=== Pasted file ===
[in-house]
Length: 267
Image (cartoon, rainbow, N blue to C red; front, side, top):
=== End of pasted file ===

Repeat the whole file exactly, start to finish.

[in-house]
Length: 267
Image (cartoon, rainbow, N blue to C red; front, side, top):